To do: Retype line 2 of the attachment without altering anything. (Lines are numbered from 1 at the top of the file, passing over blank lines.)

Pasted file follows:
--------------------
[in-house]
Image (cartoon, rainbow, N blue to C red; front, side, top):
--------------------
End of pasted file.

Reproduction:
Image (cartoon, rainbow, N blue to C red; front, side, top):